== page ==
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Saturday, 23 May 2015

A colourful weed to be cherished

WALKING down the Laird’s Entry after a three-week holiday in North America, I was assailed by the last remnants of the annual Rosevale snowstorm coming from the former Ford Mill gardens.

Before I went away this ground had been covered in rosebay willowherb which had already been sending out its clouds of white-winged seeds to plague the neighbourhood.

Complaints were heard about these dandelion-like seeds sticking to the outsides of houses, floating inside to lie on carpets and furniture besides the thousands which landed on garden soil to produce the next generation of weeds to be yanked out next year. We’re still pulling out this year’s harvest.

I believe the willowherb was eventually cut down but not before it had sent out almost all its seeds.

In Alaska I was surprised to learn that this plant, known there as fireweed because it regenerates on land that has suffered fire damage, is much loved by Alaskans.

It even merits a postcard all to itself. The reason is, in the autumn when the leaves of the trees change colour, it’s one of the few plants which give a red colour to add to the yellows, oranges and browns of the trees.

On the eastern side of North America maples grow in profusion, adding their red tints to the other autumn colours and resulting in striking autumn displays. But the Canadian Rockies and the Alaskan range have no maples, hence the people’s enthusiasm for what we consider a nuisance weed.

Of course, with a population of only 670,000 in a country twice the size of Texas, there aren’t that many gardens in which this plant can spread its weeds.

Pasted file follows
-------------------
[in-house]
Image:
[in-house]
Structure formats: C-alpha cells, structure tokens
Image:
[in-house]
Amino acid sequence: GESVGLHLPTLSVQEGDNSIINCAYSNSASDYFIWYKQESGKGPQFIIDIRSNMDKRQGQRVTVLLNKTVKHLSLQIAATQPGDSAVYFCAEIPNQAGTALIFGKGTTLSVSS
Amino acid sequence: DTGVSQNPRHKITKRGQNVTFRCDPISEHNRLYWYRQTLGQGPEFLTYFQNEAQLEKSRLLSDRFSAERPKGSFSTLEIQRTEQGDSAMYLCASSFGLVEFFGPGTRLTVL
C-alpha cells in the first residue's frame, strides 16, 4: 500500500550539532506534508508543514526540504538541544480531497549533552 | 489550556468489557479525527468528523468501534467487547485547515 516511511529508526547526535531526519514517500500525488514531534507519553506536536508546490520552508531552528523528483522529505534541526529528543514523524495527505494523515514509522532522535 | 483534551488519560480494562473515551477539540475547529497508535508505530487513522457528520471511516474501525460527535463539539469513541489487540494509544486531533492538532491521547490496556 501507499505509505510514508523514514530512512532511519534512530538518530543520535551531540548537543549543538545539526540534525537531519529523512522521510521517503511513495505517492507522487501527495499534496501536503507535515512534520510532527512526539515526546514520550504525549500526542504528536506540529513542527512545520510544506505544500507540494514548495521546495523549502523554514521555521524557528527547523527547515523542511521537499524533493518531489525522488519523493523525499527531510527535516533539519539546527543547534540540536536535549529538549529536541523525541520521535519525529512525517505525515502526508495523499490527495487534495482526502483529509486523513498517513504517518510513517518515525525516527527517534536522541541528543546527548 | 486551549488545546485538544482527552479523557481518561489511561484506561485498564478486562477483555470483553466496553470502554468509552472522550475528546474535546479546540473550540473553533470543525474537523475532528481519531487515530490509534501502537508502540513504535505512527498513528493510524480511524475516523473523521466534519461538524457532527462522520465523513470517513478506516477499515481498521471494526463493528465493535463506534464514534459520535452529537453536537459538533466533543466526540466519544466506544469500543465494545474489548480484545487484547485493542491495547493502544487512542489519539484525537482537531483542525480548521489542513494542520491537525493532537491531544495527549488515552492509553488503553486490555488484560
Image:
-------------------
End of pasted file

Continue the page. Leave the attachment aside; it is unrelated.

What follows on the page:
I met another scourge of Langholm summers when in America – the midge. It plagues people there as much as it does here in Scotland.

Before I went on holiday I was reading Bill Bryson’s A Walk on the Wild Side in which he relates his adventures when walking the Appalachian trail in eastern US. He tells how his walk was plagued in parts by midges which Americans call “no-see-ums”.

But I didn’t expect to find them – or rather for them to find me – in the cold of Alaska. But they were there.

There are 34 species of midge but only five bite and then only the females who need blood before laying eggs. It seems very considerate of the male to take its food from plants.

The Alaskans also suffer nasty bites from an insect called a caribou fly and I saw one or two of these festering bites. Judging from the itchy blister, this fly could well be a cousin of our horse fly or cleg.

One old woman gave us her remedy for alleviating the itch and swelling – it was toothpaste. It worked almost immediately.


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